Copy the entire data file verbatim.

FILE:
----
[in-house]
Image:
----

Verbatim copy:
[in-house]
Image: